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  • The committee were of opinion that a central board, consisting of representatives of the Board of Education and the different examining bodies, should be established, to co-ordinate and control the standards of the examinations, and to secure interchangeability of certificates, &c., as soon as a sufficient number of such bodies signified their willingness to be represented on the board.

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  • Wedgwood was particularly successful in this direction, for his " dry " bodies - some of which, like the black and cane bodies, had long been known in the district, others, such as the famous Jasper bodies,.

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  • This half-Edomite population, recognizable also in Benjamin, manifests its presence in the official lists, and more especially in the ecclesiastical bodies inaugurated by David, from whose time the supremacy of this Judah is dated.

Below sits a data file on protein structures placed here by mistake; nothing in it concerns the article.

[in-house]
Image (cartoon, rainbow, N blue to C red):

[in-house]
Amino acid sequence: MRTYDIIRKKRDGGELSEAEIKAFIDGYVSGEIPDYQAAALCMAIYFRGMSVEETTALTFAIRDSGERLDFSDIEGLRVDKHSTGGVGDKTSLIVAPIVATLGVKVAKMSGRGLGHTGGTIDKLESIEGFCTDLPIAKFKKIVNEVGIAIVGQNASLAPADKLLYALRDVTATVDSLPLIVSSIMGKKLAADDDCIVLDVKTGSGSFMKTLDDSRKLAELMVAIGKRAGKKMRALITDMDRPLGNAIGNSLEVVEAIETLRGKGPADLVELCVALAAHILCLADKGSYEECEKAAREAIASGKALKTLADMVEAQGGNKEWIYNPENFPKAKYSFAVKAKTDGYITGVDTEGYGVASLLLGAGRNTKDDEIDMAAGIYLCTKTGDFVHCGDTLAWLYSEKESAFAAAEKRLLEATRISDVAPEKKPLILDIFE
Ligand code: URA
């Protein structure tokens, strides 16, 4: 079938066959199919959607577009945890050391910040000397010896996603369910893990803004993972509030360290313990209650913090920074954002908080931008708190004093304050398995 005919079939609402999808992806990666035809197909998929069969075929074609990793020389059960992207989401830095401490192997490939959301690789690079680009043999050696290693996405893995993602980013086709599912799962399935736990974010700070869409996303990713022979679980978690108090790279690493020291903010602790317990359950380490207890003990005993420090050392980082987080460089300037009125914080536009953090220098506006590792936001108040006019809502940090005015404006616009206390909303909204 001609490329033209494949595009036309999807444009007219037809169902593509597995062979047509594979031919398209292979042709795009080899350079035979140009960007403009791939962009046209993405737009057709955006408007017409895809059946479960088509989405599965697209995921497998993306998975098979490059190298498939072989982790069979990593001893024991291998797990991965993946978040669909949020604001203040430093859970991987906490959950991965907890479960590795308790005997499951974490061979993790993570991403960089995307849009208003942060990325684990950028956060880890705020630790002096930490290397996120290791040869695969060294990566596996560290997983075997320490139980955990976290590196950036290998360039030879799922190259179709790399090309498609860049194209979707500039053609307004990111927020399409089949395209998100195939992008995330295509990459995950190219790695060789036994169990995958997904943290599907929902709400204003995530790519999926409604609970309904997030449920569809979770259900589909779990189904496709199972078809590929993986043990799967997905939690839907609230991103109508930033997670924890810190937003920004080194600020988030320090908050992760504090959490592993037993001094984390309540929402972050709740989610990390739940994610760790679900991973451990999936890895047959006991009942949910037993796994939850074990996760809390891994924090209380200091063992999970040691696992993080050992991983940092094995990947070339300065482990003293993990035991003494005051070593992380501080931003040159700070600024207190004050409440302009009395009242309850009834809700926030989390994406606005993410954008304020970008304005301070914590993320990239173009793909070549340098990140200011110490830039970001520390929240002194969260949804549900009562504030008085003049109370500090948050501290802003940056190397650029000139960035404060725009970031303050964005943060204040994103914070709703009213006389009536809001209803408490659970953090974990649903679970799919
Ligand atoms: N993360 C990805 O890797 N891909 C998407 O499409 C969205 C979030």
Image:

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  • Earlier phases have not survived, and the last-mentioned is relatively late, 8 after the southern influence had left itself upon history, legend, the Temple and the ecclesiastical bodies.

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  • The shapes of all polygonal and all cylindrical and conical forms are obtained by simple development - that is, the envelopments of these bodies are marked out on a flat plane, and when cut, are bent or folded to give the required envelopes.

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  • Here was the burial-place of all the monks whose friends could afford to go thither with their bodies.

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  • In most of the tombs is a chamber in which the mummy was placed, the Egyptian Christians at first continuing this method of preserving the bodies of their dead.

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  • The theoretical deductions which he drew from the consideration of these bodies were even more interesting and important than the bodies themselves.

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  • His forceful, facile pen gave him great influence from the first; but though a foremost member of several great deliberative bodies, he can fairly be said never to have made a speech.

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  • Considerations of their history and past political importance have led to the elevation of Buddhism, Jainism and Sikhism to the rank of independent religions, while the numerous other schismatic bodies are held to be only sects.